Additionally, we have also successfully generated important tools for the study of the role of telomerase in cardiac progenitor cells. A key effort has been made in the generation of lentiviral vectors expressing mouse and human TERT, cloned into pLVX-IRES vectors that co-express fluorescent reporter protein, along with vectors for the mouse non-coding TERC RNA, cloned into a pLL3.8 derivative, driven by the U6 promoter and also containing a PGK-driven fluorescent protein cassette. These new tools will enable us to perform rescue experiments in in vivo and in vitro conditions.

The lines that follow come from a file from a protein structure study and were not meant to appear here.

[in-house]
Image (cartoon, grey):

In parallel to these studies of the TERT knock-out, c (for which no specific lineage marker presently exists). The information we are generating with these novel models will be of significant relevance, especially in the light of recent publications suggesting a contribution of pre-existing cardiomyocytes, as well as CPCs, to heart regeneration after injury.